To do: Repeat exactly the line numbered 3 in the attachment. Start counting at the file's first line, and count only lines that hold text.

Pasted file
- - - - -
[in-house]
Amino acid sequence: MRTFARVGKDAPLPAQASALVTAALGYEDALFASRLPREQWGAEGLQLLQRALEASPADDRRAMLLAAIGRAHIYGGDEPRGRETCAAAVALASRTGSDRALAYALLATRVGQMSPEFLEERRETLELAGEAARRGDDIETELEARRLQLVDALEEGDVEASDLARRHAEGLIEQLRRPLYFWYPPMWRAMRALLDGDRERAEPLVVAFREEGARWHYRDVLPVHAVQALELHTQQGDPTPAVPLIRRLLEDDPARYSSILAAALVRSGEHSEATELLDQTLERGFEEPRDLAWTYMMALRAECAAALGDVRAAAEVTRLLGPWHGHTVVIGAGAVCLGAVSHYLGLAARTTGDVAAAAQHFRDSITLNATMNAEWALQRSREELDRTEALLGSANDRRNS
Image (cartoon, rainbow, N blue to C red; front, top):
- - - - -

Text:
Image (cartoon, rainbow, N blue to C red; front, top):